How to Avoid Buying Blood Diamonds

how to avoid buying blood diamonds

People often become wrapped up in the size or sparkle of a diamond. However, there’s sometimes a hidden, darker side to many of these dazzling gems. Before purchasing a diamond, it’s imperative that you ensure it’s conflict-free. Diamonds that are not conflict-free are known as blood diamonds, which means they are illegally sold in order to finance devastating wars and terrorism.

In the U.S., it’s illegal to buy or sell blood diamonds. Unfortunately, however, some retailers do not comply with this law. To avoid buying blood diamonds, follow these tips:

Buy New Diamonds

If you want to ensure your diamond is conflict-free, always buy a new diamond instead of purchasing a vintage or antique stone. Why? Countries around the world go to great lengths to ensure that blood diamonds are not sold. Many countries, including the U.S., closely monitor diamonds from the time that they are mined until they end up in a retailer’s inventory to make sure that the diamond is not being sold to fund war or terrorism.

This is known as the Kimberley Process, and it has been effective in preventing 99.8% of the world’s blood diamond trade. However, the Kimberley Process was not established until 2000. Prior to this time, countries did not have any guidelines or regulations in place to prevent blood diamonds from entering the market. As a result, any diamond that entered the country prior to 2000 could be a blood diamond.

Buy New Diamonds

This means there is virtually no way to determine whether antique or vintage diamonds are conflict-free—regardless of what any retailer tells you. While your sale may not go towards funding terror, these diamonds may still have a horrible legacy. If you want to keep your jewelry collection completely conflict-free, purchase vintage-inspired jewelry, or have a new loose diamond placed in an authentic vintage setting.

any diamond entered country 2000 blood diamond

Ask the Jeweler

You should only buy diamonds from retailers that have a written policy that describes their commitment to selling conflict-free diamonds. Feel free to ask each retailer questions relating to the source of their diamonds. Retailers shouldn’t have trouble explaining where their diamonds were mined (excluding vintage and estate jewelry).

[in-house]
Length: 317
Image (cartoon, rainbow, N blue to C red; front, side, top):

Human rights organizations have identified several countries that still mine diamonds to fund terror activities, including Zimbabwe, Angola, Liberia, and the Democratic Republic of Congo. If the diamond comes from one of these areas, it may be a blood diamond.

Some of the countries that are known for ethical diamond mining are Canada, Namibia, and Botswana. Look for diamonds that are mined in these areas instead.

Ask the Jeweler

You should also ask the retailer about the diamond’s certification. Reputable diamond retailers will have each diamond examined and certified by a gemological lab like the Gemological Institute of America (GIA). If a diamond has been certified, it will have a report that contains details about the color, cut, clarity, and carat. Review this report to ensure that the diamond you are looking at matches the description provided by the GIA.

Finally, talk to the retailer about warranties. Some retailers will offer customers a warranty that guarantees that a diamond is truly conflict-free. This is a great way to ease any concerns you may have if you accidentally buy a blood diamond.

Although blood diamonds are rare in the U.S., it’s important to be cautious and informed when shopping in order to make sure you don’t end up with one of these unethical diamonds.

know where you buy your diamonds

*Diamond mining pit in Lucky, Yakutia, Russia.

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